Medical Device Daily
Despite what it considered as signals that its premarket application for use of its cryoablation system to treat atrial flutter was sailing along unhindered toward FDA approval, CryoCor (San Diego) last Thursday reported receiving a "not approvable" letter from the agency.
"We were not expecting this decision," said CEO Greg Ayers in a late-Thursday conference call.
Ayers said that the FDA's letter indicated that it had made an interpretation, different from the company's, concerning "the patient data and categorization of patients to be included and excluded in the analysis of chronic efficacy," the criteria it used in its trial supporting the application.
He said the company had already talked to the reviewer of the PMA and the chief of the electrophysiology monitoring branch of the FDA "to obtain additional information regarding comments contained in the letter" in order to determine its next steps.
Ayers said that expectations for winning approval had been based on letters from the agency – considered by the company, he said, as "routine inquiries" – suggesting that the review was proceeding without a problem.
And he indicated that the primary reason for the agency's "not approvable" decision was based on the "subjective" method required for interpreting chronic efficacy.
"The process requires complex interpretation of clinical data and can result in different interpretations as to the results," Ayers said.
"We provided analysis of our chronic data, based on what we feel were appropriate classifications of the patients and measures of effectiveness of our ablation procedure, based on clinical experience with similar patients treated with our systems outside the U.S. and with our clinical interpretation of the patients in this trial and their post-procedure clinical course."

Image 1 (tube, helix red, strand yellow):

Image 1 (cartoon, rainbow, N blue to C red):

The company, he said, was in the process of evaluating both the additional ways that it could analyze the data and "the impact of this delay" on marketing and ongoing business operations.
Throughout the call, he expressed confidence in eventually winning approval for the atrial flutter application and that the agency decision would have no impact on the company's ongoing trial for treatment of atrial fibrillation (AF) with its technology for using cold energy to treat this type of heart arrhythmia.
Questioners pressed for details concerning plans for further analysis going forward, but Ayers continually fended these off, saying it was too early in the process to lay out such details or supply an event timeline, and that he wanted to maintain "rapport" with the agency.
Enrollment in the company's AF trial was ongoing, he said, "at the rate of about 10 patients per month" and "the FDA's question about atrial flutter [does not] affect their position on the applicability of cryoablation to this much-larger patient group."
Also pressed for more details, on the financial side, was company CFO Greg Tibbitts.
He said he saw no change in guidance for the company and that as of Jan. 31, CryoCor had $29.4 million on hand. "Our objective is to make that money lasts as long as it can," with a burn rate of "about $1.3 million per month," he said.
But he too declined further to supply specifics until he had a chance to develop "models, and have the board look at them as well."
One questioner also noted the lack of a control group in the atrial flutter trial, suggesting this was a cause for agency concern.
Ayers said that the company had ruled out use of the control group approach because of next-generation developments of radio frequency ablation devices available for comparison and the inability to create a control group that was "homogeneous."
Because of this difficulty, the company had chosen to use the "predefined criteria" of chronic efficacy, which he said had been "laid out by the agency."
Use of a randomized trial with a control group, he said, "is not a part of our planning – but that's not to say we would not consider that in the future . . . the FDA did not state that they had any issues with the non-randomized nature of the trial."
The CryoCor cryoablation systems have been approved in Europe for the treatment of AF and atrial flutter, which are the two most common forms of heart arrhythmias, and several other firms are competing in this space to develop device-based treatments.